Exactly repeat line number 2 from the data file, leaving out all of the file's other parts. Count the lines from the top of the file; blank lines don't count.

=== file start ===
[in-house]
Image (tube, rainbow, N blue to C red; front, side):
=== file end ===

Image (tube, rainbow, N blue to C red; front, side):